Remarks by the President at Reception for the Diplomatic Corps
5:00 P.M. EDT
THE PRESIDENT: Hello, everybody. Good afternoon, and welcome on behalf of Michelle and myself. We are thrilled to have you at the White House. It’s good to see all of you, including the Dean of the Diplomatic Corps, from Djibouti, Ambassador Olhaye. It’s wonderful to see you again.
Like our reception last year, this is an opportunity to thank you for your partnership, for the cooperation between our nations, and for the hospitality that your countries show our diplomats each and every day.
As ambassadors, I know you all have a very difficult job. You have to understand the complexities of other cultures and countries -— unlike diplomats of a century ago who -- for example, there was a diplomat who, when planning an international ceremony, invited Switzerland to send its navy. (Laughter.)
You have to adapt to quickly changing events around the world -— unlike President Jefferson, who said of an American ambassador to Europe, “We haven’t heard from him in two years. If we don’t hear from him next year, I’ll have to write him a letter.” (Laughter.)
Today, our nations and peoples are more interconnected than at any time in human history. We’ve got extraordinary opportunities to advance our national interests and our common interests, which can reinforce each another. We can advance the aspirations of our people, who, despite any differences, basically seek the same things —- to live in security and dignity, to seek progress and justice, and to realize a better future for their children.
And that’s why, since I've taken office, I’ve pursued a new era of engagement with the world —- a new commitment to diplomacy and partnership based on mutual interest and mutual respect. Today, I want to thank you and your countries for joining us and for the progress that we’ve made together.
Together, we’ve strengthened old alliances; we have forged new partnerships; we have pursued an international order where the rights and responsibilities of all nations are upheld. We’ve put the global economy back on the path of growth so we can create jobs and opportunity for all of our people.
Together, we’re working to confront violent extremism, to prevent the spread of nuclear weapons, and to secure vulnerable nuclear materials. We’re engaged in the hard work of pursuing peace, from the Middle East to Sudan, and promoting development to give people and nations a path out of poverty. In short, we are doing together what none of us can achieve by ourselves.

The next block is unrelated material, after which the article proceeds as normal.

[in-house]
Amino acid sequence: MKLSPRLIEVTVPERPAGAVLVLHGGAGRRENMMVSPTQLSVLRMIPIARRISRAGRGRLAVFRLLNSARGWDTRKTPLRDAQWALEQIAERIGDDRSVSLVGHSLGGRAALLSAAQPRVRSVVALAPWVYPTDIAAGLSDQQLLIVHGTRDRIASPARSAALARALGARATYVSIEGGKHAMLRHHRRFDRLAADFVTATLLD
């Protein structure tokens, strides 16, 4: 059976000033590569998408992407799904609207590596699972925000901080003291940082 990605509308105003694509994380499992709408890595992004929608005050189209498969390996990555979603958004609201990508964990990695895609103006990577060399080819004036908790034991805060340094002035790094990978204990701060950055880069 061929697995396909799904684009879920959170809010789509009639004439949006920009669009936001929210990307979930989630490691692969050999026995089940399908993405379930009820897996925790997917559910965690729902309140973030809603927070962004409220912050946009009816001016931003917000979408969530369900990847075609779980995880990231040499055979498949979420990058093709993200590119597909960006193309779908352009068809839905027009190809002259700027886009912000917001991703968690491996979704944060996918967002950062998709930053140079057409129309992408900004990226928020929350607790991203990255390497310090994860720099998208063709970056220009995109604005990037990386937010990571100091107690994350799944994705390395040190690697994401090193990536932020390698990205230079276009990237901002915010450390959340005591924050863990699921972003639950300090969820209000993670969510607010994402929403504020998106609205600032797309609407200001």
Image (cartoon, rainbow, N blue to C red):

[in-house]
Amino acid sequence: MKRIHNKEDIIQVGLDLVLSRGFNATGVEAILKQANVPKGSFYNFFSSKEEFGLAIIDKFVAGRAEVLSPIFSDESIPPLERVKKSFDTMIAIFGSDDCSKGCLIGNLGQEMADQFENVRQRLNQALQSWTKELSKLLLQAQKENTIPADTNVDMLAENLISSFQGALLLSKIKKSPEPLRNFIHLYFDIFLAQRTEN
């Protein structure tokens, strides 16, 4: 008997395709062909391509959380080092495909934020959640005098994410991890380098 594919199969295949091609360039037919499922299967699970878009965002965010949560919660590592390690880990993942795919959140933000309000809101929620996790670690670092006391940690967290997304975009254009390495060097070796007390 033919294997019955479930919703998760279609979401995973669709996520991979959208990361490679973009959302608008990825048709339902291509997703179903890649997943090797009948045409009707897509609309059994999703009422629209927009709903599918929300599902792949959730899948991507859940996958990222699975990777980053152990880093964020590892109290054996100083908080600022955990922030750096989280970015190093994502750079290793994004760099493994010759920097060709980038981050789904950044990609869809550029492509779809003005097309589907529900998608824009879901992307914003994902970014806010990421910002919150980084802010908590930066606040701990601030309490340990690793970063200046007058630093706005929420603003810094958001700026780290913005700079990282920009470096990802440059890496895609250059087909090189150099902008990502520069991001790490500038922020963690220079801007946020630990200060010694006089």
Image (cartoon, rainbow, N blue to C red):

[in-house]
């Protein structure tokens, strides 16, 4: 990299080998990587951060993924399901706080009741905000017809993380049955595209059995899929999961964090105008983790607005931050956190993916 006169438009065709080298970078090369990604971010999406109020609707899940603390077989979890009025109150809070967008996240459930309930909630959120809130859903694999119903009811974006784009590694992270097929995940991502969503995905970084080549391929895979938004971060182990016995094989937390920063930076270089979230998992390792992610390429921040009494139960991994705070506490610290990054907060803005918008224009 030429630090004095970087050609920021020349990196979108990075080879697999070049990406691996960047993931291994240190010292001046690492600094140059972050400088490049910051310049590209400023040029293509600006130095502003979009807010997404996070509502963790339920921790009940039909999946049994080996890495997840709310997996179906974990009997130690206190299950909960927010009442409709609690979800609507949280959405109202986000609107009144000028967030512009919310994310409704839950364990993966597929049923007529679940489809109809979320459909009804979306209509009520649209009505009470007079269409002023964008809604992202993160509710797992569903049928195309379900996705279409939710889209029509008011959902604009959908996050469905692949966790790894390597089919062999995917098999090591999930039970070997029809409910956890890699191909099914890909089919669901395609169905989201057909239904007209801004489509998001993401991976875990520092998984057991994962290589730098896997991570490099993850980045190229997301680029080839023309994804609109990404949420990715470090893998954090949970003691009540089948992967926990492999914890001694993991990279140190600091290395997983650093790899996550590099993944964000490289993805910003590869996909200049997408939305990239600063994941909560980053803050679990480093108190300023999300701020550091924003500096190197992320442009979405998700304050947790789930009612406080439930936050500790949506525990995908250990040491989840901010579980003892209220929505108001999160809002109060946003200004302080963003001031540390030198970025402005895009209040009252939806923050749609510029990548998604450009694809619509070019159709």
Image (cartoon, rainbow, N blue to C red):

But, as I’ve said in my visits around the world, building the future we seek cannot be the work of governments and diplomats alone. It must also be the work of our societies and our people. That’s why we’re expanding partnerships and exchanges between our business leaders and entrepreneurs, students and scientists, civil society and faith communities.
And it’s why I am so pleased that many of you are embracing the opportunity to experience America beyond Washington, visiting cities and towns across our country -- like Atlanta next week, just like I understand that you visited my hometown of Chicago. I understand that you took in the incredible architecture, the culture, the people —- even our world-famous Chicago-style hot dogs. (Laughter.) They are hard to resist. I noticed, though, that you did not go in January to experience our wonderful January weather in Chicago. (Laughter.) That is easy to resist. (Laughter.)
The spirit you felt across America is the spirit we need in our work —- the idea that no matter where you come from or who you are, we can come together and work together. It’s the same spirit I’ve seen in all the young people that I’ve met, from Strasbourg to Ankara to Cairo to Shanghai; in civil society leaders in Moscow and the extraordinary young African leaders that I welcomed to this very room here in the White House.
One of them -- a young woman -- stood up and looked at me and asked just how committed the United States is to this new era of partnership. I want to conclude by telling you exactly what I told her. I said, yes, as President of the United States, my first responsibility is to look out for the people and interests of the United States. And I always will. But I also said America wants all of you to succeed as well, whether it’s in Africa or in Latin America, in Europe or in Asia -- because when your nations and people succeed and prosper, it’s not only in your interests, it’s in America’s interests. And that’s why our commitment to this new era of engagement will remain a cornerstone of my foreign policy.
So in that spirit, Michelle and I are honored to welcome all of you. I’m mindful of that old saying about diplomacy —- that sometimes more can be accomplished at one party than 20 serious conversations. (Laughter.) So have a wonderful evening, have a wonderful party, and I look forward to all that we can accomplish together, tonight and beyond.
Thank you very much, everybody. (Applause.)
5:07 P.M. EDT